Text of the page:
Today’s post was shared by US Labor Department and comes from blog.dol.gov
A Clark Construction worker models a properly-fitted safety harness at a 2015 stand down in the District of Columbia.
As a longtime field investigator for the Occupational Safety and Health Administration, I’ve seen the aftermath of tragedies caused by falls. Each case is painful, but a few stand out for their heartbreak.
Last year, my team and I were called in to a Pennsylvania construction site where three-story apartments were going up. The fall had been captured on closed circuit video: A 27-year-old worker was being lifted onto the roof by the long arm of a rough terrain forklift when the wobbly platform he stood upon suddenly tipped over, throwing him 40 feet to the ground.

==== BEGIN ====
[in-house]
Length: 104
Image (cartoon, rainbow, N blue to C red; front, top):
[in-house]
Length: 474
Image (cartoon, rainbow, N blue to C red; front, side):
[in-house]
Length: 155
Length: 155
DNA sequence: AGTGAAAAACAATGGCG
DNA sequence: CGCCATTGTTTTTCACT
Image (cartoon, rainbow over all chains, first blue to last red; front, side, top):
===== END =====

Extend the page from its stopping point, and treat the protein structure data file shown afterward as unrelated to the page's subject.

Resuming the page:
It was his first day on the job.
The fall caused spinal injuries so severe it’s likely he will never walk again. Even now, a year later, he needs help holding a cup of water.
His story hit our team hard because he is so young, and his injuries could have been prevented so easily. We couldn’t help but think, “What will his future be like? What if he was a member of my family?”
Even worse, his story is just one of thousands. Falls are completely preventable with proper training and equipment, yet they are still the leading cause of fatalities in the construction industry. In 2014 alone, 647 workers were killed from falls in the United States and many more were injured.
Our work inspires us to do everything possible to prevent falls. One way we bring attention to fall hazards…
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